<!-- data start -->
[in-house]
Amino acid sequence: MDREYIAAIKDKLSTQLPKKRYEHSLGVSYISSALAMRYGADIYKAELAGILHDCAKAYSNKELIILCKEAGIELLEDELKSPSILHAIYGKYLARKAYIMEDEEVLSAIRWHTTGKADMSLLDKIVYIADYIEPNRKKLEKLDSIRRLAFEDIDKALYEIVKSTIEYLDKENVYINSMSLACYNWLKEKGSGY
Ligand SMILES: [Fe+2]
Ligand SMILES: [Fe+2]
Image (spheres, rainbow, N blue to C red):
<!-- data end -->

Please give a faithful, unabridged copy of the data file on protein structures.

[in-house]
Amino acid sequence: MDREYIAAIKDKLSTQLPKKRYEHSLGVSYISSALAMRYGADIYKAELAGILHDCAKAYSNKELIILCKEAGIELLEDELKSPSILHAIYGKYLARKAYIMEDEEVLSAIRWHTTGKADMSLLDKIVYIADYIEPNRKKLEKLDSIRRLAFEDIDKALYEIVKSTIEYLDKENVYINSMSLACYNWLKEKGSGY
Ligand SMILES: [Fe+2]
Ligand SMILES: [Fe+2]
Image (spheres, rainbow, N blue to C red):